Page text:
IB World magazine speaks to several schools about how they express international mindedness in new and exciting ways
IB World Schools across the globe teach their students the importance of understanding the diverse cultures and traditions the world has to offer. But a handful of schools have taken the concept even further by teaching students how to be internationally minded in unconventional and enjoyable ways.
Wilton Manors Elementary School in Florida, has created a tile mosaic in its courtyard that lists the IB Learner Profile attributes. The mosaic aims to encourage students to have these traits in the backs of their minds and embody them.
Lori Goldsmith, Primary Years Programme (PYP) and Magnet Coordinator, believes that the project has “laid the foundations for developing a lasting reminder of the IB Learner Profile.”
The project began when the school’s Principal Melissa Holtz announced that she wanted to make the courtyard more visual, and art teacher Cindy Tkach brainstormed how to go about it.
Tkach knew she wanted to get students, parents, guardians, and the local community involved, and as the courtyard had a focal point of several pillars, she decided that this would be the ideal spot to dedicate the pillars to the attributes of the learner profile.
“It was a truly collaborative effort. Every student and many adults in the school and community took part,” says Goldsmith. “Students were thrilled to be creating a representation of international mindedness that will last for generations.”
The school’s student council is currently looking into more ways to utilize the mosaic, perhaps allowing students to self-assess by standing near the attribute of the IB Learner Profile they demonstrate best, or the one where they feel improvement is needed.
The news programme
News stories also help Belvedere Elementary School students, in Falls Chuch, Virginia, become internationally minded. Fifth-grade students become news presenters and host a show each Friday morning, covering news that may affect, or be of interest to fellow students.
The show features an international mindedness component, and students research an international news story and create a slideshow with photographs to deliver to the school.
One of the stories covered, for example, was the Ice Hotel in Jukkasjärvi Village in Sweden being built and opened to guests in December 2015.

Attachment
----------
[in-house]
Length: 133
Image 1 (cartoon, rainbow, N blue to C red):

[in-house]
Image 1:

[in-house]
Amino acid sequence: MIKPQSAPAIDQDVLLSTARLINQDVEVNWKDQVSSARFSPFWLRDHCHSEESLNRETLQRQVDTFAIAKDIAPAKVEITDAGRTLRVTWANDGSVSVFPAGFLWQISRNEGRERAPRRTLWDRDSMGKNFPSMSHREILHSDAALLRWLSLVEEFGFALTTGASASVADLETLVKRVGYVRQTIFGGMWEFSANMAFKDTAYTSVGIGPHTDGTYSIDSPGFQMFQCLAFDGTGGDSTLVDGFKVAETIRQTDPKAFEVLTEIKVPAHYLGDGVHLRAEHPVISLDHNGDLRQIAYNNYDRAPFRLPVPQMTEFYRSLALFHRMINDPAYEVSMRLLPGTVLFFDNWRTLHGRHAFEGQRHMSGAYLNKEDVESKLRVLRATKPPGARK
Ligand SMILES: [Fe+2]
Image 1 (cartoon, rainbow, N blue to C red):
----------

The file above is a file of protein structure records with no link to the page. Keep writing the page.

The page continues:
“Teaching international mindedness is just like anything else; if you make it fun, students will remember it. Although international mindedness isn’t really something to remember, but rather a way of thinking, so it does need to be engaging,” says librarian Marcie Atkins.
“Knowing that there is a broader world outside of our community helps students to think about their place in a global society. That will ultimately help them become successful,” she adds.
How to foster international mindedness in your classroom
The International School Ruhr, in Essen, Germany, and Seoul International School in South Korea share tips on how you can make learning international mindedness fun
Where to start?
Students in the 2nd Grade at the International School Ruhr are introduced to international mindedness through a combination of activities and conversations.
The ‘Who We Are’ unit at International School Ruhr encourages students to research their cultural roots, helping them understand why people are different, as well as people’s attitudes towards those differences.
The school also has a unit on celebrations, which touches upon how people celebrate special events in different countries.
Yuniarti Santosa, PYP Class Teacher, explains: “Through the units of inquiry, students develop the understanding of international mindedness and are encouraged to make a connection between what they learn to their lives.”
Seoul International School introduced a professional development programme around teaching international mindedness for every member of staff. Amy Valerio, Middle and High School Vice Principal, says: “We had discussions about what we believed international mindedness is at our school, and created a definition of international mindedness for us.”
Teachers at Seoul International School identified areas in which they could teach international mindedness and aspects of the curriculum that could foster growth for additional discussion. The main areas include: being able to think from different perspectives, being open-minded, empathetic and reflective, communicating respectfully, and considering your impact on the wider environment.
“Being open-minded, empathetic, reflective, respectful, and considering their impact on the environment, are attributes everyone should have,” adds Valerio.
Santosa outlines that International School Ruhr takes every opportunity to promote international mindedness in the curriculum. She says: “During our collaborative planning, we ensure that the learning experiences we plan promote international mindedness whenever possible. We have to make sure all students have equal opportunities to share their beliefs, ideas and opinions in any ways they feel comfortable with.”
Social media and technology
Students at International School Ruhr connect to other schools around the world, using Skype or Padlet, so they can comprehend how others speak and think differently.
We are going to be engaging with members of the IB community about International Mindedness over the coming months. Please share any thoughts and ideas you may have about this topic and look out for opportunities to share your stories with us! Email: Editor@ibo.org